To prevent a deepening spiral of death, the United States will have to do things differently than in the past. American relief and development institutions do not function properly, and to believe otherwise would be to condemn Haiti’s poor and dying to our own mythology.
In Haiti, we are facing not only a horrific natural disaster but the tectonics of nature, poverty and politics. Even before last week’s earthquake, roughly half of the nation’s 10 million inhabitants lived in destitution, in squalid housing built of adobe or masonry without reinforcements, perched precariously on hillsides. The country is still trying to recover from the hurricanes of 2008 as well as longtime social and political traumas. The government’s inability to cope has been obvious, but those of us who have been around Haiti for many years also know about the lofty international promises that follow each disaster — and how ineffectual the response has been each time. [continued…]
… above all, we act for a very simple reason: in times of tragedy, the United States of America steps forward and helps. That is who we are. That is what we do. For decades, America’s leadership has been founded in part on the fact that we do not use our power to subjugate others, we use it to lift them up — whether it was rebuilding our former adversaries after World War II, dropping food and water to the people of Berlin, or helping the people of Bosnia and Kosovo rebuild their lives and their nations.
At no time is that more true than in moments of great peril and human suffering. It is why we have acted to help people combat the scourge of HIV/AIDS in Africa, or to recover from a catastrophic tsunami in Asia. When we show not just our power, but also our compassion, the world looks to us with a mixture of awe and admiration. That advances our leadership. That shows the character of our country. And it is why every American can look at this relief effort with the pride of knowing that America is acting on behalf of our common humanity. [continued…]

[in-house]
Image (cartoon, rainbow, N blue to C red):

Editor’s Comment — When human misery is at its most extreme and acute, is this the time to start singing praise to America?
President Obama is sending the fleet, soldiers, and relief to Haiti because… because that’s what we do: we’re Americans.
Instead, why not because… the Haitians, dirt poor, are nevertheless just like us (even though they’re not Americans)?
Is it possible to offer help without turning the occasion into a demonstration of national sainthood?
Of course there is nothing uniquely American about seeing crude nationalistic PR opportunities riding on tragedy.
Israelis, acutely conscious of the extent to which their national reputation has been shredded in recent years, clearly see in Haiti a stage for demonstrating the depth of compassion that exists in the Jewish state.
If the devastation wrought on southern Lebanon in 2006 and in Gaza a year ago and the ongoing merciless siege of Gaza all serve to reinforce an image of Zionist brutality, then sending teams of doctors to Haiti might go some way to counter that impression.
That at least seems to be the thinking behind Haaretz‘s headline story today, “Life amid death: Baby born in Israeli field hospital in Haiti” – a gripping narrative from the intrepid Natasha Mozgovaya.